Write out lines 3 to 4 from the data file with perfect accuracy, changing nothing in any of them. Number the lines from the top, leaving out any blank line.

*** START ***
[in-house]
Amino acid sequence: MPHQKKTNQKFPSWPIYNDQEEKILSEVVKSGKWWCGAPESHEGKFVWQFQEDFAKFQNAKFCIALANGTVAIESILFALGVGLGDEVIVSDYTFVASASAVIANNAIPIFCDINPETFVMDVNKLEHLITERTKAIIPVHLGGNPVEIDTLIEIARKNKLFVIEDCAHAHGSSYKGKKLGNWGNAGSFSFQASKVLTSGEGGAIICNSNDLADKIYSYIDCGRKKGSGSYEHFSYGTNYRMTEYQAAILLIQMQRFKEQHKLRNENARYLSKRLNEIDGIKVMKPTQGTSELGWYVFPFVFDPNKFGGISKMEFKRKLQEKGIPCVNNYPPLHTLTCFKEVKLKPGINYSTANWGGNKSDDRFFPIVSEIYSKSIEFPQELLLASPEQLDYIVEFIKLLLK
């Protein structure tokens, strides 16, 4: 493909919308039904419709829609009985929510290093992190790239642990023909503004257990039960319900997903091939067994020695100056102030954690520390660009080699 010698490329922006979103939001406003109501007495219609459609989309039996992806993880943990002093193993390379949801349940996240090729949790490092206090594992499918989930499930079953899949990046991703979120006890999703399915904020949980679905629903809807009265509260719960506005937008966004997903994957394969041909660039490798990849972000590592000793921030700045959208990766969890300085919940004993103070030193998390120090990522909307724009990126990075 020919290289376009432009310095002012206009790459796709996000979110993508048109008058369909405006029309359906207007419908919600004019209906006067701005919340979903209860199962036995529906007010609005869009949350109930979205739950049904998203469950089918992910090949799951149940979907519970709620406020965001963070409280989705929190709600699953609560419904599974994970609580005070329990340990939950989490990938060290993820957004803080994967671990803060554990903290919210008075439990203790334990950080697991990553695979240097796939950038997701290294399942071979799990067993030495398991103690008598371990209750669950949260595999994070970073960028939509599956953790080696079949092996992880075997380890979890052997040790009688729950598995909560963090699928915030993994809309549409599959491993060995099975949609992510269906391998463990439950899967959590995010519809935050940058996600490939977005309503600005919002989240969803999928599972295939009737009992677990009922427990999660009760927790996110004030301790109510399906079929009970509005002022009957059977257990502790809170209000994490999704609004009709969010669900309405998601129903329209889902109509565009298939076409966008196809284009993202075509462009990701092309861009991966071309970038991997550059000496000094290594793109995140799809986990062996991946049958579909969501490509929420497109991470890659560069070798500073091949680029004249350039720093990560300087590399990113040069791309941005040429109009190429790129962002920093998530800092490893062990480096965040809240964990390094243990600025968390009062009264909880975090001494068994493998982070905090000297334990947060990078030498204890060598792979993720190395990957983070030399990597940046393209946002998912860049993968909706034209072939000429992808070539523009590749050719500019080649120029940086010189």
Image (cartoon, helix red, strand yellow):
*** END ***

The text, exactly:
């Protein structure tokens, strides 16, 4: 493909919308039904419709829609009985929510290093992190790239642990023909503004257990039960319900997903091939067994020695100056102030954690520390660009080699 010698490329922006979103939001406003109501007495219609459609989309039996992806993880943990002093193993390379949801349940996240090729949790490092206090594992499918989930499930079953899949990046991703979120006890999703399915904020949980679905629903809807009265509260719960506005937008966004997903994957394969041909660039490798990849972000590592000793921030700045959208990766969890300085919940004993103070030193998390120090990522909307724009990126990075 020919290289376009432009310095002012206009790459796709996000979110993508048109008058369909405006029309359906207007419908919600004019209906006067701005919340979903209860199962036995529906007010609005869009949350109930979205739950049904998203469950089918992910090949799951149940979907519970709620406020965001963070409280989705929190709600699953609560419904599974994970609580005070329990340990939950989490990938060290993820957004803080994967671990803060554990903290919210008075439990203790334990950080697991990553695979240097796939950038997701290294399942071979799990067993030495398991103690008598371990209750669950949260595999994070970073960028939509599956953790080696079949092996992880075997380890979890052997040790009688729950598995909560963090699928915030993994809309549409599959491993060995099975949609992510269906391998463990439950899967959590995010519809935050940058996600490939977005309503600005919002989240969803999928599972295939009737009992677990009922427990999660009760927790996110004030301790109510399906079929009970509005002022009957059977257990502790809170209000994490999704609004009709969010669900309405998601129903329209889902109509565009298939076409966008196809284009993202075509462009990701092309861009991966071309970038991997550059000496000094290594793109995140799809986990062996991946049958579909969501490509929420497109991470890659560069070798500073091949680029004249350039720093990560300087590399990113040069791309941005040429109009190429790129962002920093998530800092490893062990480096965040809240964990390094243990600025968390009062009264909880975090001494068994493998982070905090000297334990947060990078030498204890060598792979993720190395990957983070030399990597940046393209946002998912860049993968909706034209072939000429992808070539523009590749050719500019080649120029940086010189």
Image (cartoon, helix red, strand yellow):